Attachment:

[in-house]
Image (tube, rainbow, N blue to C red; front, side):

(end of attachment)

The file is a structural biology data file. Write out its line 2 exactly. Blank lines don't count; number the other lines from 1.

Image (tube, rainbow, N blue to C red; front, side):